There are a million different strategies investors employ in the stock market. The two most well-known are value investing and growth investing. Value investors focus on — you guessed it — valuation of stocks, looking for companies that are statistically cheap, and buying them at bargain prices. One of the most famous advocates of this strategy is none other than billionaire Warren Buffett, CEO of Berkshire Hathaway.

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Growth investors, on the other hand, are much less concerned with valuation and instead focus on companies they believe will grow rapidly in the future. Growth stocks often trade at extremely high earnings multiples or might not even have achieved profitability yet. Growth investors are essentially betting that a company’s long-term growth will outperform the stock market’s expectations.

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Growth at a Reasonable Price

Growth at a reasonable price, or GARP, is a strategy that tries to split the difference between value investing and growth investing. While GARP investors still look for growing businesses, they place an equal emphasis on not overpaying for that growth — hence the name. This strategy was made famous by Peter Lynch, the portfolio manager for Fidelity’s wildly successful Magellan Fund in the 1980’s.

Just like any other investment strategy, there’s no one cookie-cutter definition of what makes a stock a GARP stock — there’s some judgment involved. However, one of the more popular metrics is the price to earnings growth ratio (PEG). The PEG ratio is a stock’s price divided by its expected earnings growth rate over a specified time period, typically at least a year but often three or five years. Most GARP investors consider a PEG of less than one an indicator of a stock being reasonably priced.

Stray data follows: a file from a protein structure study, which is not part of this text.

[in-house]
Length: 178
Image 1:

Using a GARP Strategy

While many GARP investors pick individual stocks, there’s an easier way for retail investors to follow a GARP strategy — invest in one of the funds out there that will do the work for you, like the Invesco S&P 500 GARP ETF (SPGP) or the JPMorgan US GARP Equity Fund (JPGSX). These funds do charge a management fee but are a convenient option for more passive investors looking to invest in GARP stocks.

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This article originally appeared on Growth at a Reasonable Price: Here’s What Stock Investors Should Know About This Strategy

The views and opinions expressed herein are the views and opinions of the author and do not necessarily reflect those of Nasdaq, Inc.

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